Thursday, April 30, 2020

The Difference Between New Adult and Adult Books

New adult books bridge the gap between young adult and adult. The protagonist is older than a teenager,18 to 20 (or 25) years old. The setting is usually contemporary.

If the character is in school, it’s college. They could be living on campus or still living at home and commuting. If they live on campus, this may be their first time having to do laundry and light housekeeping. Most likely, they are in debt with student loans, so your character is broke, unless they are a trust fund baby or their parents are wealthy.
For some, it’s a level of independence and responsibility that is foreign to them.
New adult books are about new experiences and freedom. They can decide to join a fraternity, blow off classes or ignore schoolwork. No one is going to call their parents or ask for an absence note. Maybe they’re introduced to hard drugs for the first time. The main character could have their first love or maybe it’s their second serious relationship.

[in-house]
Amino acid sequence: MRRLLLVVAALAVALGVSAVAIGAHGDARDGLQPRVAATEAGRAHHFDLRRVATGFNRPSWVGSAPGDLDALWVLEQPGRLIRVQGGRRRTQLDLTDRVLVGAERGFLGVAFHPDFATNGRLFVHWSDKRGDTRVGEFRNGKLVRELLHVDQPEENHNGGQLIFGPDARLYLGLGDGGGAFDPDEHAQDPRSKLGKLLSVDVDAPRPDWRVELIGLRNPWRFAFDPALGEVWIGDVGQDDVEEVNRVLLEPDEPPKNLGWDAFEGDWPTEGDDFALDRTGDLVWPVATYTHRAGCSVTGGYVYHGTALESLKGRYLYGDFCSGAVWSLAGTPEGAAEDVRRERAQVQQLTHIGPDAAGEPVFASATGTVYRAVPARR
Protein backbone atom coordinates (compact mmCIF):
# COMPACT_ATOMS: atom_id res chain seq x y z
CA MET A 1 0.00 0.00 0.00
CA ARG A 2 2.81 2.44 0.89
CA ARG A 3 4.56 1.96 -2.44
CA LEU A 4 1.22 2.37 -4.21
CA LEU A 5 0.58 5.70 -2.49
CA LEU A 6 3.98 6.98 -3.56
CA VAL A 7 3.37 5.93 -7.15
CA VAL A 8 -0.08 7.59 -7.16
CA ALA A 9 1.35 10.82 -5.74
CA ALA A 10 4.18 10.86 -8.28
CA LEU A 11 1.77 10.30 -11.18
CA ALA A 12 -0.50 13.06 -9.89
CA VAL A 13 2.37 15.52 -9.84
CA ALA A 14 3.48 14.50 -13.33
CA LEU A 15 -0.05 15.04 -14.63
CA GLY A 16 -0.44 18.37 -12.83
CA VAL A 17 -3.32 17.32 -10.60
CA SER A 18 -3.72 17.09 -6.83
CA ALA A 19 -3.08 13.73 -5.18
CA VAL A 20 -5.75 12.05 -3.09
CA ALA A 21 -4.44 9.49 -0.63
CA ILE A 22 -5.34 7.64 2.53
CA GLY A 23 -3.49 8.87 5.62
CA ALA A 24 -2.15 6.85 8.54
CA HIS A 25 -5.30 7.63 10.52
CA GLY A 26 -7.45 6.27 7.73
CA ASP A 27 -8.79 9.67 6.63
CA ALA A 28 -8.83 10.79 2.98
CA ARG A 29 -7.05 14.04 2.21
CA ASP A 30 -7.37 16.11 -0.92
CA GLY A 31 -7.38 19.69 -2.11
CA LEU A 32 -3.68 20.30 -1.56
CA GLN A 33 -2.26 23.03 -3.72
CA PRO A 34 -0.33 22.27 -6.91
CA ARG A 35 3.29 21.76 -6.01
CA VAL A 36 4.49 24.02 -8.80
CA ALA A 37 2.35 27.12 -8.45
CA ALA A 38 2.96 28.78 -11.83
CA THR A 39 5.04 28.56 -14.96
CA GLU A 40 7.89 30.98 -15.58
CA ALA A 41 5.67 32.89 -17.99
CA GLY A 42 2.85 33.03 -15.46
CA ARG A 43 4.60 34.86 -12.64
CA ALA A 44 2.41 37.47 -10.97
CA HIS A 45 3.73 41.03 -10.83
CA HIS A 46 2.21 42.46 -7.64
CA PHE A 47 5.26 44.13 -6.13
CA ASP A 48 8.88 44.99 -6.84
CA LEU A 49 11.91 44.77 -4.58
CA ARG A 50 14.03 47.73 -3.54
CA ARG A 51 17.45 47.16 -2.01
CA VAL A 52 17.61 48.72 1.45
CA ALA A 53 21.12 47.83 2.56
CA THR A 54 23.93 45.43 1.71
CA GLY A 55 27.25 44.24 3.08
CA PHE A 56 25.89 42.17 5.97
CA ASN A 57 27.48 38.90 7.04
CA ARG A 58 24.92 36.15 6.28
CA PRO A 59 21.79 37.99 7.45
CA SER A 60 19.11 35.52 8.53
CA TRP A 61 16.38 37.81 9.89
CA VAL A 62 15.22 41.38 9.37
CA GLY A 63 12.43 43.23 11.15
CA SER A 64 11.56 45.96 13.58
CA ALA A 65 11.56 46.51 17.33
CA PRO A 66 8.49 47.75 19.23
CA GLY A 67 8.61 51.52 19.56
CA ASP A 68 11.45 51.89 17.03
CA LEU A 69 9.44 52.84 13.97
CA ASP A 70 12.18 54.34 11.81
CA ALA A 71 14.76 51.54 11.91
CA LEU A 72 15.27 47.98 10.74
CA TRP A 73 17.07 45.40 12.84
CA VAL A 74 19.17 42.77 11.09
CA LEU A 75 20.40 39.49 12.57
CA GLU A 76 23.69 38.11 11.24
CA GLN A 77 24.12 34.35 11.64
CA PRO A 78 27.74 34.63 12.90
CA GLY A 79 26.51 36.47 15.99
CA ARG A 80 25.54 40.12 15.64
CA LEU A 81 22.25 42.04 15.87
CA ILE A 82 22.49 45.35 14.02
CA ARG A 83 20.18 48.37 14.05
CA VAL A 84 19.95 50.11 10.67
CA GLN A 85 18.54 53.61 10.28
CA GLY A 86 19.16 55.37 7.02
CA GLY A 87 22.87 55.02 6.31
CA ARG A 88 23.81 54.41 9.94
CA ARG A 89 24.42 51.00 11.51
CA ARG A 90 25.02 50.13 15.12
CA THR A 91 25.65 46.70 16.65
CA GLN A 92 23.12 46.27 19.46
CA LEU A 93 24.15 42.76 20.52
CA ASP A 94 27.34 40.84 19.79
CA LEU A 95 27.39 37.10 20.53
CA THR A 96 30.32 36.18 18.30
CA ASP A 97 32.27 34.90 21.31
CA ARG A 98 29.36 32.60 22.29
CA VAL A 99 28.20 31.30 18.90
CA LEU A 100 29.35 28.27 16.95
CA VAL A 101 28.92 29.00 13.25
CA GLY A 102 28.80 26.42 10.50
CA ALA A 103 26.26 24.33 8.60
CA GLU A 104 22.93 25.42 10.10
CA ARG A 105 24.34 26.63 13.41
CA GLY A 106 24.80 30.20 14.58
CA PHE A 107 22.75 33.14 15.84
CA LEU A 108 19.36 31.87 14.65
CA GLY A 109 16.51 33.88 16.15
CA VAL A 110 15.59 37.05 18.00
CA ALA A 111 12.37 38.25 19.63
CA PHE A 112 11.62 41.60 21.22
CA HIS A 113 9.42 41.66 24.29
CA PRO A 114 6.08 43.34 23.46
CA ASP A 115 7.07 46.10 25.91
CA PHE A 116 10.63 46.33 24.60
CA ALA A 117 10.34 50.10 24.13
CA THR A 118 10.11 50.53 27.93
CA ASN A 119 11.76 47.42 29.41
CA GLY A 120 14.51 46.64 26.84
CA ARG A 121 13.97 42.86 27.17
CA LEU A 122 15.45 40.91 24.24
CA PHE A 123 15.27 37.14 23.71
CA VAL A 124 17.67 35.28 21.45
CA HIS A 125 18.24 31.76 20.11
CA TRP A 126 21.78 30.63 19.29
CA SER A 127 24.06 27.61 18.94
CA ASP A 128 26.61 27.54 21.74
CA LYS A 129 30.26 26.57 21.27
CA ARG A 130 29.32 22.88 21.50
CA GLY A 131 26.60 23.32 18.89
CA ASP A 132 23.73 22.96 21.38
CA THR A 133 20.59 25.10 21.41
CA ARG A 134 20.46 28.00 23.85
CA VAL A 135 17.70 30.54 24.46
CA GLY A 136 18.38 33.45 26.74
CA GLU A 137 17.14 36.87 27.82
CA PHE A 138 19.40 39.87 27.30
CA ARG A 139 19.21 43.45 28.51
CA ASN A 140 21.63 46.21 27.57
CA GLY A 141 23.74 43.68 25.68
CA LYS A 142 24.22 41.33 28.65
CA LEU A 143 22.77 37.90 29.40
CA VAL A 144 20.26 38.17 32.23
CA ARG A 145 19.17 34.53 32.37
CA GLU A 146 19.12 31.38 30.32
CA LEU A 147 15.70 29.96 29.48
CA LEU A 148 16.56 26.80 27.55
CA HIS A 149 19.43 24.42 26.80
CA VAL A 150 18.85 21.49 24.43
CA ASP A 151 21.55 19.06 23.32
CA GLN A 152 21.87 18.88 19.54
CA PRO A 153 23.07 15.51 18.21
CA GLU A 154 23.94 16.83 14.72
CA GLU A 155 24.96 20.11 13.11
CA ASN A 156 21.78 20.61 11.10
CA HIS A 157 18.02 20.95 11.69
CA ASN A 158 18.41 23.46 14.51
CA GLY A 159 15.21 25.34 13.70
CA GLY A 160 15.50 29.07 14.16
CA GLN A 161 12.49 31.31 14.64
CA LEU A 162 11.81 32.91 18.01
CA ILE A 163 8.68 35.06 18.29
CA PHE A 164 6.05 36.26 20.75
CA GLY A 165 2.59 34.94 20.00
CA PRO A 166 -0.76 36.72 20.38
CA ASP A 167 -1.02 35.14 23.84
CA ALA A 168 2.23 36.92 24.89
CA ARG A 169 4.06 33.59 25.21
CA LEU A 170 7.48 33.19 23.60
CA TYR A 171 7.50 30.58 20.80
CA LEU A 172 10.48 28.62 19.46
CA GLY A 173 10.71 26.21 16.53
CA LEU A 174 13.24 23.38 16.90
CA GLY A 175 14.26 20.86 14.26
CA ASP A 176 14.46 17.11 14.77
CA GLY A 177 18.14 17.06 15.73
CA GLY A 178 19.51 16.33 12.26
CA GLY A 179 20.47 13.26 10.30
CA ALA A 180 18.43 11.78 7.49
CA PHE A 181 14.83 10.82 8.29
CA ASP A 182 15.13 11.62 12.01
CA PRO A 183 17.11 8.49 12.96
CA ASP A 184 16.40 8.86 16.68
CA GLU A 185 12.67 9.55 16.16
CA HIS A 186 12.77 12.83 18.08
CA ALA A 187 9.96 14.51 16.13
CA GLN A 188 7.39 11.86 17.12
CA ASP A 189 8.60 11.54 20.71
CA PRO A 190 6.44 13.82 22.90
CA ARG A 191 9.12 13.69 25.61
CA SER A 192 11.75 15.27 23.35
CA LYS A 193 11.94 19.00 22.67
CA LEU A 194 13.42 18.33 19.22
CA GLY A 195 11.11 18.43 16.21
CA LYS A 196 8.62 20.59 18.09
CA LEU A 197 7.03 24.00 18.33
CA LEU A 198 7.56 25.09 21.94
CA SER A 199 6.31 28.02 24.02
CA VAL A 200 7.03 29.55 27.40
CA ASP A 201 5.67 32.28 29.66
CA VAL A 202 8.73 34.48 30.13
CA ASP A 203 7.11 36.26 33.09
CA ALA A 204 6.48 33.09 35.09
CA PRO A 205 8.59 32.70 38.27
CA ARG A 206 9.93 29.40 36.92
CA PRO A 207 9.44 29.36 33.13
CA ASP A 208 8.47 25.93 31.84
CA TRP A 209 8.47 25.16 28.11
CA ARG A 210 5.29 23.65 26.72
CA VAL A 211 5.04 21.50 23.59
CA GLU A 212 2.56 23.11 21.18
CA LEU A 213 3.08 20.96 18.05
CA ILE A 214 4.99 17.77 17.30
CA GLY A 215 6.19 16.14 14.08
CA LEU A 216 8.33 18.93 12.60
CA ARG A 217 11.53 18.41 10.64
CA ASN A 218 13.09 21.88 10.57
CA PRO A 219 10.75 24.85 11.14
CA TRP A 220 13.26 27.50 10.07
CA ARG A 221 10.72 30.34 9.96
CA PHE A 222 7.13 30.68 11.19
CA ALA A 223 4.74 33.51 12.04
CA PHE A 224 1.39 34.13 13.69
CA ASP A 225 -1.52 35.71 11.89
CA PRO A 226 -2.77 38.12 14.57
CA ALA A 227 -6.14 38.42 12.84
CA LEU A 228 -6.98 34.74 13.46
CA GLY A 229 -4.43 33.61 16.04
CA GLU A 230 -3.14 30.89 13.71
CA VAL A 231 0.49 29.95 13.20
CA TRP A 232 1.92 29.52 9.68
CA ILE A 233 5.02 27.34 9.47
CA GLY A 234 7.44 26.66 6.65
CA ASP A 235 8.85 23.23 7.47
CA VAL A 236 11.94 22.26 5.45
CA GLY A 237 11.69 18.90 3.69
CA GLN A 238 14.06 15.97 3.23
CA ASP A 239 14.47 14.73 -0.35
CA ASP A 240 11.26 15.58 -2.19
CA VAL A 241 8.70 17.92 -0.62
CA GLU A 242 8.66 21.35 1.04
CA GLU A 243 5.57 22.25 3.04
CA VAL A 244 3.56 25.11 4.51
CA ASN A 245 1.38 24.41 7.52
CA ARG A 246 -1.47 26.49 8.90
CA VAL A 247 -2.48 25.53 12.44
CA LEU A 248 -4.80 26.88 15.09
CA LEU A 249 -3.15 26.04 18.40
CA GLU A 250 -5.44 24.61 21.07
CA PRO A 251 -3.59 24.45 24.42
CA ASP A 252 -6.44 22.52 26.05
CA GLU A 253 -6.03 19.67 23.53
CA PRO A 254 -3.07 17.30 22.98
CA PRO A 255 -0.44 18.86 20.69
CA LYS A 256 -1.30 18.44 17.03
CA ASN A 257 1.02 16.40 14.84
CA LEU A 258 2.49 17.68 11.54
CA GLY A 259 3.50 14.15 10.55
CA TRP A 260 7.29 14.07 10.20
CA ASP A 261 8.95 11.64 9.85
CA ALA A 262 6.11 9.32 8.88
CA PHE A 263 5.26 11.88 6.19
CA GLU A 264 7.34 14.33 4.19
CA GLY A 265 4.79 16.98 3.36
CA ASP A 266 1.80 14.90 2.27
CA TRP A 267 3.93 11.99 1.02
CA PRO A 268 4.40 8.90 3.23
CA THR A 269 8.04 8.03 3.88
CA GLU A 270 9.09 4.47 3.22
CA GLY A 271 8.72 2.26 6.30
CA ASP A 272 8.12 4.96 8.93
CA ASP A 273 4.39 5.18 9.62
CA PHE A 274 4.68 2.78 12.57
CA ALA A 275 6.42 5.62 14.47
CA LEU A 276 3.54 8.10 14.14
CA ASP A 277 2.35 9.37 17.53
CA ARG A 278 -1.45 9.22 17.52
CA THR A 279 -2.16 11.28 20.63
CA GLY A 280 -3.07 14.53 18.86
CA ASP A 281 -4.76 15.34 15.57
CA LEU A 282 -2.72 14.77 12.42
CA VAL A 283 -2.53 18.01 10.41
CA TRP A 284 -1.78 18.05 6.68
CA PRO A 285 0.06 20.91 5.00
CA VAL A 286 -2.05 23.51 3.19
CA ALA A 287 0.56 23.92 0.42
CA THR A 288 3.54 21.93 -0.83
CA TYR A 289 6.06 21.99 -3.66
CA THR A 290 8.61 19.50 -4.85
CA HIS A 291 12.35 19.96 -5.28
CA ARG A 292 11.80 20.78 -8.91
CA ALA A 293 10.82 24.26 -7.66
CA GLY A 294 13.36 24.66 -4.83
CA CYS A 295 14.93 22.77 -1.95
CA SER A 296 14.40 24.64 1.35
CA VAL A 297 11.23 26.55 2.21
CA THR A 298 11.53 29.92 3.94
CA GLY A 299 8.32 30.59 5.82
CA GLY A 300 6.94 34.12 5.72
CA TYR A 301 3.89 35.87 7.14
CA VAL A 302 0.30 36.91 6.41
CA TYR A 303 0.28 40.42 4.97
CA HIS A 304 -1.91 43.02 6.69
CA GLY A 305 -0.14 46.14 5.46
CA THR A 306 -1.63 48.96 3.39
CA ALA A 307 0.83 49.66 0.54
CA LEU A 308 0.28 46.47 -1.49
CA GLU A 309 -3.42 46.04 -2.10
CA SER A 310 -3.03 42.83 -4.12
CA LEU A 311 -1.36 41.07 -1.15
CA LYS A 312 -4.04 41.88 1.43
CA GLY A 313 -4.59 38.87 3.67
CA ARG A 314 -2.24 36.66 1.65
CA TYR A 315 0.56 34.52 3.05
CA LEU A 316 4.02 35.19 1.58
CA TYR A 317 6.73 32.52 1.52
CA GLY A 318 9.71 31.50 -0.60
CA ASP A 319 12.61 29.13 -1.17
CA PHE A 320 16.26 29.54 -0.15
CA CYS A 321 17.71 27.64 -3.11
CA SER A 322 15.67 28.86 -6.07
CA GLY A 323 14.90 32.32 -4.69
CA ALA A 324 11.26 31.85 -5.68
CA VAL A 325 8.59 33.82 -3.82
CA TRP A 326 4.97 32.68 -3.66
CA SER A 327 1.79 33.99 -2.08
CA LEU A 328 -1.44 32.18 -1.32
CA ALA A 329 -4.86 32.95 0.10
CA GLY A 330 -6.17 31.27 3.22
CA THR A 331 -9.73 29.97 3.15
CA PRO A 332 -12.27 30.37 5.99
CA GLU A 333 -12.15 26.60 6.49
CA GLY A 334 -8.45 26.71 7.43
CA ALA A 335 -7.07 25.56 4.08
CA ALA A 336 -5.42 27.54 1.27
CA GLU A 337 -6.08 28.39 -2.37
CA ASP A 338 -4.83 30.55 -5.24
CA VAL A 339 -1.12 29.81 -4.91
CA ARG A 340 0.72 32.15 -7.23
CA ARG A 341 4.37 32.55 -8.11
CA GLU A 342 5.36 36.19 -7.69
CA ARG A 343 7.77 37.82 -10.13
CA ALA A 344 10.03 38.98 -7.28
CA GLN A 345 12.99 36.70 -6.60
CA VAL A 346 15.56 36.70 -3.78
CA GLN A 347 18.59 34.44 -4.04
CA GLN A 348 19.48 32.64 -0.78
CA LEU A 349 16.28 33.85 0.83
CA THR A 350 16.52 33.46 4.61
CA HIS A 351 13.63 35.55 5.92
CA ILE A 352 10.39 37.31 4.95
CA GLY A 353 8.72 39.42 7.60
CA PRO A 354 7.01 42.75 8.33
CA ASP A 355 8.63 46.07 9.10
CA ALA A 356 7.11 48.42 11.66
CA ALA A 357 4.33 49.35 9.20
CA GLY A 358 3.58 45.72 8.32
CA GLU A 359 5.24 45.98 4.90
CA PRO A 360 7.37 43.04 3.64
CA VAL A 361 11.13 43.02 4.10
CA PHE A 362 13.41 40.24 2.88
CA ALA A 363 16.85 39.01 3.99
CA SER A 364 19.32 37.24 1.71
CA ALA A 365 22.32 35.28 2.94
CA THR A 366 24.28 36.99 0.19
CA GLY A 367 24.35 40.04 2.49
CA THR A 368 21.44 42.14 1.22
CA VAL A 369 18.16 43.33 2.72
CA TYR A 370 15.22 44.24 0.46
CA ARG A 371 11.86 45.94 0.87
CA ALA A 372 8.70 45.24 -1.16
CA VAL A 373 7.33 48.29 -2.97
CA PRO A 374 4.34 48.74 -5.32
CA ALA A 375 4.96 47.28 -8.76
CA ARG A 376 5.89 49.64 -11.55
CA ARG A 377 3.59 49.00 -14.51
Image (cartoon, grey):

If the main character is not in college or trade school, they may have their first full time job or working the gig economy and probably still living at home or have several roommates.
The issues are more adult like, more drinking, more drug abuse, more sex and more discussing sex. The years spent in college are a time of exploration, they have responsibilities, but are not completely liberated. They have one foot in adolescence and one foot in adulting. It’s an exciting time for self-discovery; they feel like an adult without a lot of the complications.
Adult books have adult protagonist that deal with serious life issues (marriage, divorce, domestic violence, child rearing, bankruptcies, crime, prison, serious drug addiction, extramarital affairs, etc.) and more explicit sex. The adult protagonist is more confident in who they are.
Depending on the genre, the books may end with the answer: the protagonist solved the crime or mystery, or the protagonist made a life changing decision, or the ending expounds on the book’s theme or conflicts.
Bonus link for more explanations and examples:

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